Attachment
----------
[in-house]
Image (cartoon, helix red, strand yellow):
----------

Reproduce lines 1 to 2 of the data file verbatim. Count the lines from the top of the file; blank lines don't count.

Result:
[in-house]
Image (cartoon, helix red, strand yellow):